Follow this Sustainability Blueprint to reduce your brand’s environmental impact

by | Nov 7, 2022

Opening COP27, UN Chief António Guterres warned global leaders: ‘We are on a highway to climate hell with our foot on the accelerator.’ As we all know, the beauty industry has a part to play in mitigating climate change and biodiversity loss.

Since its launch, Emma Lewisham Skincare has spearheaded increased industry circularity via open-source resources, including its Sustainability Blueprint. Here are the founder’s top tips for making your brand more planet-friendly

It’s not every day that a beauty brand receives an endorsement from the United Nations Messenger of Peace, Dr Jane Goodall. ‘Emma Lewisham is demonstrating what it means to be a truly sustainable business,’ Goodall wrote. ‘Through its carbon positive and circular business model, the brand is creating environmental prosperity and showing its peers that this business model is not just possible but paramount if we are to make a meaningful difference.’

Last year, the brand owner – who has successfully become the first carbon-positive beauty brand – made her sustainability strategy free for everyone to download. Having tried and tested the measures on her eponymous line, these strategies make going circular simple.

In an open letter to her competitors, Lewisham says: ‘In moving to a circular model of beauty where refills are the status quo and every piece of packaging is recycled, it is estimated that the beauty industry could reduce carbon emissions by up to 70% while eliminating waste and creating a truly beautiful, beauty industry.

‘I hope that united, we can not only transition to a circular industry but one where we embrace collaboration and are able to find solutions – together.’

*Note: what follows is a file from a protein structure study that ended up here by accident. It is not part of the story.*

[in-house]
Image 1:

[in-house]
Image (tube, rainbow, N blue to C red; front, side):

Here is Emma Lewisham’s double-pronged strategy for becoming more sustainable:

Reduce, Reuse, Recycle 

The report reads: ‘Packaging is also the single largest contributor of carbon emissions in beauty’. To tackle this, Emma says that brands must adopt a refill system and play a part in educating consumers on recycling.

It goes on to say: ‘Refills are the future of beauty (however) it’s also important to ensure that all materials used can be recycled or composted at the end of their life – feeding back into the circular model.’

Sustainability Blueprint

Chart your supply chains

The first step to becoming carbon positive is to map every part of your production process. From sourcing and formulations to transport and packaging, by setting out your product’s entire journey, you’ll be able to measure its carbon output accordingly.

Emma says: ‘The next step is finding a reputable third party organisation who is able to support you throughout the carbon mapping process, then audit your findings and provide you with certification.’

She also notes that it is incredibly beneficial to devote one member of staff to the mapping process, this means that details are less likely to slip through the net. Sure, this is an exhaustive and time-consuming process, but knowing exactly where and when your products are producing emissions will help you make the most efficient cuts.

You can read the full report here.

Interested in learning more about beauty’s environmental impact? Read the British Beauty Council’s Courage to Change Report and learn how to stamp out greenwashing with the Planet Positive Beauty Guide

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